Hastings pushed for safeguards after Equifax announced that a security breach compromised the personal information of 143 million U.S. residents, including more than 5.4 million Illinois residents.

    Equifax originally disclosed the breach in September of 2017, but since then, there have been multiple disclosures from the company that show more vital information was stolen than the company originally revealed. Just last month, Equifax informed the public that a small number of passport images and information were stolen as part of the security breach, despite previously denying such a thing occurred.  

  • link 081715SPRINGFIELD – Disabled veterans will see property tax relief and active military personnel gain added ID and credit security under two newly signed laws sponsored by state Sen. Terry Link (D-Waukegan).

    “Our service men and women put their lives on the line to protect us. I’m honored to be able play a part in providing them some financial relief and security,” Link said. The proposals he sponsored – SB 107 and HB 3425 – were signed Sunday by the governor.

    SB 107

    This new law take effect immediately and provides property tax relief for veterans who have accessibility improvements, such as wheelchair ramps, made to their homes. Accessibility projects can cost thousands of dollars and increase the value of homes, meaning disabled veterans are hit with higher property tax bills just for making their homes more livable.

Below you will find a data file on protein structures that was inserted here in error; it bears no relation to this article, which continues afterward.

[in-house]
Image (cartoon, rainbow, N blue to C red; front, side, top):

Senator Link sponsored the proposal after a disabled veteran living in his district partially remodeled her kitchen to make room for her walker, only to have her assessed evaluation increase. After numerous appeals, she won her case to have the evaluation lowered. She then pursued a change to state law to make sure accessibility projects don’t affect property taxes.

    Senator Link was able to deliver for her. Thanks to his legislation such improvements will not increase the assessed valuation of the property for a period of seven years after the improvements are completed.

    In addition, many disabled veterans will qualify for additional property tax relief. For instance, a veteran with a service-related disability of 30 percent to 50 percent qualifies for a $2,500 property tax exemption. Previously this veteran would not qualify for any exemption.